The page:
After lunch we made our way back to the Zipaquira town square, where earlier we had been lucky enough to witness a group of locals doing a choreographed dance to Cotton Eye Joe. It’s going to take a lot to top that as my favourite, or at least most hilarious, moment of the trip, let me tell you. The square was gorgeous, with a European flavour. The bright white buildings with bold blue and red accents were so striking, and orange tiled roofs provided the perfect contrast. We were also struck by how well kept and clean the town was. Zipaquira, you exceeded my expectations!

We guessed our way to the return bus stop and managed to get on without incident. However, we both were in a meat-induced haze and accidentally got off one stop too early, resulting in a bit of confusion as we tried to figure out how to get back to our hostel. Luckily, after deciphering the very confusing Transmilenio map and talking to a few friendly workers, we were on our way. Like I said at the beginning, a little bit of guessing and crossing your fingers, perhaps with a bit of broken Spanish thrown in, will get you to where your going every time.

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Day two: Bikes and Gold in Bogota


Our first full day in South America is in the books, and it was a good one! After spending a day and a half in Bogota, I can say that it is a gritty city, but a beautiful one as well. The streets and squares are full of people out and about, and everywhere you look there is lots of action. I can also say that i can understand maybe 40% of what people are saying to me. Needless to say, the Spanish is a little rusty – there are a lot of “comos” and “repite por favors“. I’m holding on to the hope that I won’t be giving so many blank stares by the time the trip is done.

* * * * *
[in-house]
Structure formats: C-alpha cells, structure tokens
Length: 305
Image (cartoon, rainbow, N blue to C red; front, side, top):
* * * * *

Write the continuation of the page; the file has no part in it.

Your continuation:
We decided that the best thing to do on our first day would be to get a general introduction to what Bogota has to offer by jumping on a tour. I had read good things about Bogota Bike Tours, so we headed to the downtown to their shop. Our hostel is in the northern area of the city, so we jumped on a Transmilenio bus, which took us to the city centre. I’m always a little wary of taking a bus in a new city as it can sometimes be near-impossible to know where it is taking you and where to get off, but the Transmilenio was actually quite easy to navigate. Its stations are more reminiscent of train stations, with signs directing passengers to exactly which bus will stop where. I’m no pro, but heres a tip – when trying to get on a Transmilenio bus, you have to push your way through or you just won’t get on. It pained my polite Canadian sensibilities to be so aggressive, but saying “permiso” (excuse me) a couple of times helped to soften the blow. Plus, when in Bogota, you’ve gotta do what the Bogotanos, do, right?